We are striving to develop a knowledge base that will allow the development of rationally designed drugs to slow or halt Alzheimer’s disease (AD).
Extracellular fibrous amyloid deposits or intracellular inclusion bodies containing abnormal protein fibrils characterize many neurodegenerative disorders, including Alzheimer’s disease. The burden of evidence suggests that the accumulation of protein aggregates plays a seminal role in pathogenesis. We have been at the forefront of studies on the role of soluble Aß oligomers in AD and are committed to understanding the mechanisms of Aß toxicity and the structure of noxious Aß assemblies. We are also actively investigating the involvement of the prion protein in AD and how Aß causes changes in tau metabolism. In particular, we are excited by emerging data that suggest certain forms of tau are secreted from neurons by unconventional mechanisms and that this may contribute to the stereotypic spread of tangle pathology in AD. This work has the potential not only to identify new drug targets for the treatment of AD, but also to identify novel biomarkers.
Different Aß assembly forms may mediate diverse cytotoxic effects, including decreased synaptic efficacy, distortion of axonal pathways, shrinkage of dendritic arbors, activation of microglia, free radical release, and inflammatory changes. This cartoon depicts the distortion of axonal trajectories observed within amyloid plaques and the periplaque activation of (1) astrocytes, resulting in the release of various cytokines (Ck) and (2) microglia, resulting in the generation of superoxide radicals (O2-). Disruption of synaptic efficacy by diffusible, low-n oligomers of Aß is depicted as a decrease in normal transmission at synapses (green cloud) due to the presence of forms of Aß that can diffuse into the cleft that can contact synaptic plasma membranes. All Aß species are shown in red, with amyloid plaques shown as an interwoven mass of fibrils and soluble Aß depicted as stacked W-shaped structures (suggesting their ß-sheet-rich structure).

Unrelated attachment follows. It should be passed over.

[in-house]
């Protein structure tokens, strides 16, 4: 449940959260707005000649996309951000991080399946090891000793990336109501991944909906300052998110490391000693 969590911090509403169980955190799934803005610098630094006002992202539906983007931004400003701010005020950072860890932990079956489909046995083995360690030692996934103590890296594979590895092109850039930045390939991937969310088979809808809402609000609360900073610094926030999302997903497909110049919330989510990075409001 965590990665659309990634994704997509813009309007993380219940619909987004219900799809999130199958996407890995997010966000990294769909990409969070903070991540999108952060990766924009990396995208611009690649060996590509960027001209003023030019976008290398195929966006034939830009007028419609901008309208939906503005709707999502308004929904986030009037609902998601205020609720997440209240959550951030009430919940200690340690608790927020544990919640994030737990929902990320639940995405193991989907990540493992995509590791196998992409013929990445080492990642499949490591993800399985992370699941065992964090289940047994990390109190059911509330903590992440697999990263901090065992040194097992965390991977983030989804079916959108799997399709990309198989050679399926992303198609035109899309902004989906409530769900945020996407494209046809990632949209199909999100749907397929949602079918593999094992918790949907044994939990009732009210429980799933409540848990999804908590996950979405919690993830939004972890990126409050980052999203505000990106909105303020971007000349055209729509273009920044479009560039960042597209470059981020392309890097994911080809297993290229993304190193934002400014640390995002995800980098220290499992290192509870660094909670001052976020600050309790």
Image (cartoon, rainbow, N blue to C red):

For these projects we apply a wide range of advanced biochemical, molecular, cell biological, electrophysiological and behavioural methods. Our work is currently supported by the NIH (USA), Alzheimer Drug Discovery Foundation, MedImmune, Harvard NeuroDiscovery, the Binational Science Foundation, the SENS foundation, the Wolfson Foundation, the Thysson Krupp Foundation, Sanofi, and by philanthropic donations.
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Website last updated January 6, 2018